Uncovering your true self leads to an incredible amount of change. And that change will have ripple effects throughout the rest of your life.
At the beginning, as you start to go deeper below the surface, as the fences start to come down, the people around you may start to shift, move closer or further away, come to the surface, or get buried under the dirt you’re digging up.
You need to be prepared for the safety net of people around you to shift and change. It’s alright for that to happen – and sometimes it needs to. These friends, or sometimes even family, could be a factor in your true self being buried, in your building of your fences.
And that is not their fault. But you need to acknowledge and accept that you hid your values and buried your identity, in order to feel as though you belonged with them.
And this isn’t to say that you don’t belong with them at all – you may still fit within the group. But you need to determine whether you want to fit in that space as yourself, or as someone else.
It’s emotionally difficult to navigate the breaking apart, the scattering of friendships and family members. As you slowly work towards coming to reality with yourself and begin the self-work of finding out who you truly are, you may struggle to identify exactly what happened with your friends and family.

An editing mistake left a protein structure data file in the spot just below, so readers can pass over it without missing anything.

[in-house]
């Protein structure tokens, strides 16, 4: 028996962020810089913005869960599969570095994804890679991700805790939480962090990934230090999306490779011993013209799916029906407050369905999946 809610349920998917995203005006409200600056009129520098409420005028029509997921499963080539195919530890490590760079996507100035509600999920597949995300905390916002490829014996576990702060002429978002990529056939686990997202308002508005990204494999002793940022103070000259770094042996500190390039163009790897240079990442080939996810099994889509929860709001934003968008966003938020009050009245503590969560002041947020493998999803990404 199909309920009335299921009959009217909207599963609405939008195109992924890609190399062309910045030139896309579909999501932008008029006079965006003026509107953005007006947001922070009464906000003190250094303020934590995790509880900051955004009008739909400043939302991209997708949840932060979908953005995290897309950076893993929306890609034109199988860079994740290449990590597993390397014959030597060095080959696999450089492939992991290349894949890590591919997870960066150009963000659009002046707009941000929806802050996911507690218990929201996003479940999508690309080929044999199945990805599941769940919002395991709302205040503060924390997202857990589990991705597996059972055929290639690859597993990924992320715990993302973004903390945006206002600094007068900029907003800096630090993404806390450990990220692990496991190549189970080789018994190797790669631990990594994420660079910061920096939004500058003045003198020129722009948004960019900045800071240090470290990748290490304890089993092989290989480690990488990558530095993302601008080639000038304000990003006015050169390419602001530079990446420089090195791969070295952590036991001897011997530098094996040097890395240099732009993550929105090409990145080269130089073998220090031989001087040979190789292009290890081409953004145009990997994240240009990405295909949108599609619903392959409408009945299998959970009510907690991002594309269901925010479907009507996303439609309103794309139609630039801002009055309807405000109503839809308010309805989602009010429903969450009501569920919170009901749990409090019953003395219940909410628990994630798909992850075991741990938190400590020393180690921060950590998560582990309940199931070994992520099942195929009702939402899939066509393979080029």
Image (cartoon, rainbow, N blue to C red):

Oftentimes, as we work on being true to ourselves, the people for whom we were changing ourselves won’t like that we aren’t who they thought we were. They become uncomfortable with our changing, our evolution, our unburying of values and traits that they may not agree with, approve of, or accept.
And we may be afraid of those feelings being directed towards us, as we’ll start to question ourselves, wondering why we were so “fake”, believing that we must just be compulsive liars to have kept up this morphing, this constant shifting to fit what we thought they wanted.
How to know when you've buried your true identity
Get the four steps to recognize and pinpoint when you’ve been morphing yourself to fit other’s expectations.
Do the mindset work…
But eventually, as you get further into the mindset work, you’ll start to come to terms with how you were trying to change yourself in order to fit in with your various friend groups. And you’ll begin to come to terms with the fact that these friends drifted away. And you’ll eventually be OK with that.
So many of us have gone through this shift, working through our own timeline, coming to terms with the changing friendships and family relationships that have come with the work. And we’re here to support you as you go through the same journey.